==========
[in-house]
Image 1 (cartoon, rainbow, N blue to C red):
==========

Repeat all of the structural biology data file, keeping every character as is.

[in-house]
Image 1 (cartoon, rainbow, N blue to C red):